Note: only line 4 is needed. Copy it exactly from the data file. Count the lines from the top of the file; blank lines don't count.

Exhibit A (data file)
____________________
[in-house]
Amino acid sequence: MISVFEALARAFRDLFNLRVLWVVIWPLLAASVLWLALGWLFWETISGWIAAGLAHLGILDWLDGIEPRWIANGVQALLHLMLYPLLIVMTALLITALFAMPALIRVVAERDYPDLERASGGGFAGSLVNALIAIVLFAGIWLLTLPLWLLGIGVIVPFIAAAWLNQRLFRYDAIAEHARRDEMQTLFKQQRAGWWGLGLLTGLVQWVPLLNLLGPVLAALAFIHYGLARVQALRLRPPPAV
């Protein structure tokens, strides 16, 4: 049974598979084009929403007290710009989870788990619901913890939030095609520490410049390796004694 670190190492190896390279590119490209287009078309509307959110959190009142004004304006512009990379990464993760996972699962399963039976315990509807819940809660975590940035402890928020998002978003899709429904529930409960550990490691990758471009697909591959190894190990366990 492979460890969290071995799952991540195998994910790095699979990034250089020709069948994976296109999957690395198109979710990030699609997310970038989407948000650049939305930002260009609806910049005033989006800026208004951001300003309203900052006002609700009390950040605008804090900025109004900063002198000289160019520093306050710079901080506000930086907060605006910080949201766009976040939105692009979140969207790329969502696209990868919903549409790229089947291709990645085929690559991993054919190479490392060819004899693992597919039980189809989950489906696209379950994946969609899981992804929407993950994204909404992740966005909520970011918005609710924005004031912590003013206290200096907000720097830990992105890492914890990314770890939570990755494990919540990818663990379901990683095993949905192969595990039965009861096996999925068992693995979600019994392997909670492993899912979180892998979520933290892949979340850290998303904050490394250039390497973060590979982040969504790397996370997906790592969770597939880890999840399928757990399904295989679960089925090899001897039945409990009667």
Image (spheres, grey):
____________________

Image (spheres, grey):